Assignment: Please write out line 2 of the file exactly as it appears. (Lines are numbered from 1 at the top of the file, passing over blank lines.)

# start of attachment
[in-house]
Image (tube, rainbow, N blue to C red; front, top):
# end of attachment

Image (tube, rainbow, N blue to C red; front, top):